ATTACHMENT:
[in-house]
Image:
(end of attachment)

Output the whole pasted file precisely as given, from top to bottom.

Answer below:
[in-house]
Image: